18["Storm at Onslow", The West Australian, Monday 12 April 1909, page 4]
STORM AT ONSLOW.
A SEVERE BLOW.
DAMAGE TO BUILDINGS AND GOODS.
FEARS FOR SAFETY OF LIGHTERS.
Onslow, April 6.
Another severe blow occurred here yesterday. Commencing about 7 a.m. the gale increased in violence all day, and did not decrease till about 10 p.m. Considerable damage was done. The hall used as a church was swept away. Clark's Rob Roy Hotel has a great amount of the roof off, and Peake's Temperance Hotel also suffered severely, as did other buildings to a minor degree. Two lighters, a lugger, and a cutter are ashore; the latter being a complete wreck. The jetty at the time was strewn with goods, consisting of sugar, salt, cement (all ruined), flour, iron (much of which was blown into the sea), and other miscellaneous goods, which had been discharged from the s.s. Gorgon. It is regarded locally as a disgrace to the Harbour and Lights Department that this damage and loss of goods should have occurred. The hoisting of a sling of goods by an antiquated crane with a jib 2ft. too short takes three minutes and 120 revolutions of the handles to raise to the throat of the jib before swinging the sling on to the wharf. One of about every five slings is knocked out of shape by hitting the combings of the [?baten], and has to be remade. Why a travelling donkey engine and winch cannot be supplied is hard to understand. Again, the mails from the s.s. Gorgon, which arrived here at 12 noon on Saturday were not at the Post Office till 5 p.m. This delay occurs always when a boat arrives. The men on the ship, lighters, and wharf worked all day on Sunday in defiance of the law; some of them 36 hours without a break. The harbourmaster also had his coat off and helped to do the lumping. The tramline from the town is washed away in many places. At the bridge where there is an embankment 5ft. high, there is a break on one side of 50 yards, and on the other of about [?60] yards. It will take weeks to repair the line. The passenger car, which is an obsolete structure was turned over by the wind, and then blown away. So far no loss of life has been reported, but fears are entertained as to the safety of nine luggers, which put to sea yesterday morning. The police are to be complimented on their pluck in having, with one or two volunteers, gone to the beach for rescue work, and walking four and a half miles in the teeth of the storm. They met one Malay near the beach, who had tried to come ashore in a dingey. The dingey was overturned, but he managed to reach the shore. He was exhausted when met, and was given a little stimulant by Constable Fogarty. who then, with the others, went on to the beach, but found that nothing could be done. there. On their return trip, they found the Malay face downward in the mud. They commandeered a truck and the wind brought them back to the town with the loss of one of the party, who got bumped off into the mud through a jolt of the truck, but sustained no injury. The Malay is quite recovered this morning.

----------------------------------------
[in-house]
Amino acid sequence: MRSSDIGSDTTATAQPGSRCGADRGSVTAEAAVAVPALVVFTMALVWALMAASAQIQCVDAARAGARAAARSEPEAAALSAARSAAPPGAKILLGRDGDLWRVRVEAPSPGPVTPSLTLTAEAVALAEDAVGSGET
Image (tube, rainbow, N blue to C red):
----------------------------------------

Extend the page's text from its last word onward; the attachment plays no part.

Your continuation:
AN EXCITING EXPERIENCE.
A LIGHTER BLOWN ASHORE.
A PARTY'S TRYING TIME. April 6 An exciting time was experienced by a party consisting of Dr. Keenan, Messrs. Swan, M.L.A., Stuart, Fettbach, McLarty, C. Clark. and five others, including the crew on the lighter Colliar, yesterday. On leaving the s.s. Gorgon, the master of the lighter, which had about 75 tons of cargo on board, decided to lay to, as there was no chance of getting to the wharf. After remaining anchored for some hours, exposed to the full force of the storm, it being impossible to stay on deck for more than a few seconds, two of the anchors commenced to drag. As there was every possiblity of the craft being dragged bows under, it was then decided to let the anchors go. This was done, and the boat ran ashore, where she was exposed to the tremendous sea running, which came thundering over her until one wave larger than the rest lifted her over the bank into a blind creek amongst the mangroves, where for some hours she was carried about in circles. Everyone on board expected that any moment the lighter would be stove in on the mangroves or stumps. The party had to remain in this precarious position till daylight this morning when they beached the craft, and after a most trying night had to walk home. None of the party are now much the worse for their trying experience. No further news has been received of the luggers which put to sea yesterday.
[Owing to the telegraph line between Carnarvon and Onslow having been interrupted, the above telegrams did not reach Perth till resterday.]
OFFICIAL TELEGRAMS. The telegraph lines between Onslow and Carnarvon have been interrupted by a severe blow, which occurred on the 6th inst. The steamer Minilya, which reached Carnarvon yesterday morning, brought with her the Onslow telegrams. One of these, dated Tuesday, April 6, was as fonlows:--"On Monday and Monday night there was a severe hurricane, which came unexpectedly, doing much damage to shipping and property. All lighters and passenger boats wrecked, or high and dry in mangroves. with the exception of one small boat. The s.s. Gorgon, which left at daylight on Monday for Carnarvon, experienced a very rough trip to Cossack. Estimated local damage about £3,000."